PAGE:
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(a one page pamphlet)
The 2001 Version of our original publication - later LifeNotes and other versions contain corrections and additions.
There are three controversial conclusions we reached many years ago that influence what we believe and have faith in:
First, we concluded that the universe is far more complex than most people realize. The theory of evolution has led many of us to believe that all systems evolve through a natural process of adaptation. However physical processes on a planck scale that resulted in gasses coalescing into atoms and molecules and living cells are far more difficult to explain than the evolution of living creatures. Agnostics and atheists often assume that the cosmos is the product of some kind of mechanistic evolutionary process. However it is in fact impossible to understand how billions of stars could spontaneously burst out of a pinhead at the “big bang”. Roger Penrose, a respected mathematician and cosmologist, calculated the probability that the universe could be created at random. The work of Penrose and others led us to conclude that the low entropy universe in which we live cannot be the product of random processes, and that it had to be “designed” to be as it is. Our faith that God exists is strengthened by the objective evidence that we do not live in a “random” universe.
Second, we looked at the question of physical existence, of being and becoming. We considered the fact that human beings appear to be physically aware of their past only in their present memories. We deduced that if a human being does not exist in the present then they cannot be aware of their past. We concluded that if human beings are physical creatures only, then on their physical death their past, present, and future are annihilated. This is contrary to common sense, which dictates that life has existential meaning. If we are twenty years old, almost everyone believes that the first twenty years of our life have meaning and value that cannot be lost.
We go against common sense and against the most popular physical models which say that we live in a block universe where our past and present are a permanent physical part of the universe. Virtually every theologian and philosopher reaches the opposite conclusion to ours, they find existential value in all physical human lives. Many believe that life has meaning and value even if God does not exist and even if there is no life after death. Because no one really understands the fundamental nature of space and time and existence, we cannot say with absolute certainty that a purely physical life does not have meaning and value. We believe that we are right, and that belief strengthens the conclusions we reach in our writings, yet we may be wrong.
We are convinced that if God does not exist and if there is no life after physical death then our lives have no meaning. That conclusion strengthens our belief that the existence of God is what gives us hope.
Some people are frightened by our conclusions, even though we are careful to explain that if we experience a nihilistic death there is absolutely nothing to be afraid of. We make it clear that it does not matter if we are right or if we are wrong, there is absolutely no reason not to live for the possibility that life has meaning and value.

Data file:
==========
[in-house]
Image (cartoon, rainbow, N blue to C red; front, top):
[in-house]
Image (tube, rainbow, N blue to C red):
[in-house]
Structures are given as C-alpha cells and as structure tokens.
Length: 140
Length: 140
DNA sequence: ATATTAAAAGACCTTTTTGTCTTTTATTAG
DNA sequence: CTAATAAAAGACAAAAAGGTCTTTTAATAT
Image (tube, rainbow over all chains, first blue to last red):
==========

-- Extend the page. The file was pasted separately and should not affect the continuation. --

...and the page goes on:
Third, we asked ourselves whether we should live a “fanatic” or a “normal” life. If love is the best we can give a neighbor, then we conclude that each of us should love our neighbor. No matter how hard we tried, we always came back to the conclusion that if we love a neighbor and that neighbor is hungry, thirsty, or homeless, we will give them food, water, and shelter. That leads us to believe that if we love our neighbor we will live a fanatic life and not a normal life, with the hope that when we die we will live forever in heaven. Almost no theologian or philosopher agrees with us. Almost everyone believes that if God exists he wants us to live a normal life that is a “good” life, where we maximize the positive aspects of the physical lives of our family and friends while minimizing the negative impact on other people’s lives. Almost every human being believes that God would have us maximize the lives our families live on earth while still helping those outside our extended family.
A fanatic life is a very hard life to live. We believe that if you love someone you will not do physical harm to them no matter what they do to you and your family. If we are right, then living a fanatic life would probably allow those who choose to do evil to torture and kill innocent men, women, and children. For that reason we conclude that almost no one will be willing to live a fanatic life, almost everyone, including you, will choose to live a normal life where you love God with as much of your heart, soul, mind, and strength as you are willing to love him with, and love your neighbor as much as yourself as you are willing to love them, with the hope that God will forgive you.
These are the three very difficult conclusions that strengthen our belief and faith, yet we realize that the second and third go against what almost every human being accepts as true. We think we are right, but we may be wrong. After you carefully read our publications and understand our ideas, you will have to decide for yourself what you choose to believe and have faith in.